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Budget's reliance on borrowing puts Long Beach finances in peril, auditor says

The seal of the City of Long Beach

The seal of the City of Long Beach on display in Long Beach City Hall on May 7. Credit: Newsday/Thomas A. Ferrara

The New York State Comptroller’s Office concluded that Long Beach's proposed $97.5 million budget has reasonable projections, but cautioned that the city’s fiscal crisis and reliance on borrowing puts its finances in peril.

Comptroller Thomas DiNapoli’s office conducted an annual review of the city’s proposed budget under a 10-year state monitoring program.

“Based on our review of the proposed budget, city officials continue to take actions that are detrimental to the city’s financial position,” Executive Deputy Comptroller Andrew SanFilippo wrote in the audit. “It is imperative that officials address the city’s declining financial condition during this current budget cycle.”

City Council members could vote on the proposed budget Tuesday or during a special meeting May 28. The spending plan calls for a 7.9 percent tax increase and would raise the average residential tax bill $305  a year to help close a $2.8 million deficit.  

If the budget is not amended or passed by a majority vote, the proposed budget and tax hike would become permanent by default.

"It is the City’s hope that this proposed budget, if adopted, will provide the foundation needed to slowly incorporate this operating expense into the existing budget," according to a statement from the city.

City officials said Long Beach's fiscal crisis resulted from years of unbalanced budgets and an influx of state and federal funding after superstorm Sandy that masked the city’s deficits and reliance on borrowing.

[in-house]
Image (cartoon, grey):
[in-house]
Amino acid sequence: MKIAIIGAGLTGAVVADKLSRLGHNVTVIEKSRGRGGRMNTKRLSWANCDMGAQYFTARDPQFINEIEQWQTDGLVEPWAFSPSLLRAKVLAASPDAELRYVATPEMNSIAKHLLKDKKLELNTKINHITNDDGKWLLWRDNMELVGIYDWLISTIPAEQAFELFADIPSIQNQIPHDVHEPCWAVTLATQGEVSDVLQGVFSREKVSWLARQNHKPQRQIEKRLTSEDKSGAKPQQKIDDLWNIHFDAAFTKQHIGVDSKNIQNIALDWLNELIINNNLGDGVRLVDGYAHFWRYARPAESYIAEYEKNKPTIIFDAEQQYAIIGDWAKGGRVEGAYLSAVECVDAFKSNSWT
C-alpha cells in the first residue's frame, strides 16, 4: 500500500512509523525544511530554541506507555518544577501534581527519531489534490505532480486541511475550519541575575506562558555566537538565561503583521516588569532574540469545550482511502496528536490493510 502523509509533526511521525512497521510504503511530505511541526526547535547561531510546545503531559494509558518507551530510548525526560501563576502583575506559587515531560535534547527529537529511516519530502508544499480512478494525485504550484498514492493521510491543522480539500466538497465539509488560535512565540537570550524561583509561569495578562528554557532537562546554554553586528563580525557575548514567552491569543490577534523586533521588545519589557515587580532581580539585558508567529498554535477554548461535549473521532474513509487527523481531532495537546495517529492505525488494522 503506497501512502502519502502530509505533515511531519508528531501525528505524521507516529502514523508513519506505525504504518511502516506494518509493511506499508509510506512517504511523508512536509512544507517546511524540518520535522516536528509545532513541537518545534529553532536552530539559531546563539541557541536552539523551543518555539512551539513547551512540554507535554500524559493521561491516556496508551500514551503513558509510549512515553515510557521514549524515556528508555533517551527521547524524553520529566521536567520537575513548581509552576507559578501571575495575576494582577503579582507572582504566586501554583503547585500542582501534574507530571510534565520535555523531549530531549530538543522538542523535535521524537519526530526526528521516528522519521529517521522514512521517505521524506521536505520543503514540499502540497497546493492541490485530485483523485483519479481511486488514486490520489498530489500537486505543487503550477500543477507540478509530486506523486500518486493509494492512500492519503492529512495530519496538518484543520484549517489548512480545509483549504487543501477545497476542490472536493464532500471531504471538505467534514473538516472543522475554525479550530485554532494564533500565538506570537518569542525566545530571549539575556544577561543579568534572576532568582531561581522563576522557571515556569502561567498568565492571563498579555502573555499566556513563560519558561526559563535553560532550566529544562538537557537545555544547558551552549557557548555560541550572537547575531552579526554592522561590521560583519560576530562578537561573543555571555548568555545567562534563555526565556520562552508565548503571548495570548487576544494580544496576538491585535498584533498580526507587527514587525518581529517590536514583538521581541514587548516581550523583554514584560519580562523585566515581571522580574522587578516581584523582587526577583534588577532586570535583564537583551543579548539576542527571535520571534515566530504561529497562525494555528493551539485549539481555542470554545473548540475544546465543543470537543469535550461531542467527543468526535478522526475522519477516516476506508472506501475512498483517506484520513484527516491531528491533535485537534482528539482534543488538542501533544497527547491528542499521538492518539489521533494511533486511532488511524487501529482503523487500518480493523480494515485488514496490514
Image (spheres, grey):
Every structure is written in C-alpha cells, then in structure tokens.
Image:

Comptroller officials found about 90 percent of the city’s revenue is allocated to employee salaries, benefits and debt payments.

The budget includes more than $1 million in contractual raises to union workers and a $586,000 increase in health care costs.

The proposed budget includes plans to issue bonds to cover $1.87 million in anticipated employee retirements and separation payments. The city has averaged paying $2.2 million in separation payments during the past three years, including issuing $2.2 million in bonds this year to cover retirements.

City Council members rejected a $2.1 million bond last year that included $300,000 in payments to more than a dozen current and former management employees.

The comptroller is conducting a separate audit, expected this summer, on the city’s payments, which is also under investigation by the Nassau County district attorney.

City officials said they ended the policy of paying out accrued time to staff who remained employed by the city.

Comptroller officials said in the budget review that the city may not have allocated enough funding for retirement payments and the city’s funds could be further depleted.

“The city’s continued practice of borrowing to fund these operating costs is not fiscally prudent,” the comptroller’s report states. “Routine reliance on debt only perpetuates the city’s dire financial condition,” the report states. “We urge city officials to adopt a long-term planning approach that includes cash flow analysis.”

Long Beach officials said the city is not yet in a financial position to budget revenue for termination payments.

"Borrowing for these costs allows the City to pay them back over multiple years and smoothes out the effect to the budget," city officials said in a statement.

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